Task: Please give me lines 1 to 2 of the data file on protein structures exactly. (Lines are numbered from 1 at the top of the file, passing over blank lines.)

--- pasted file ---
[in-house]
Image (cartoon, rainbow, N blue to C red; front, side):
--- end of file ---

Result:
[in-house]
Image (cartoon, rainbow, N blue to C red; front, side):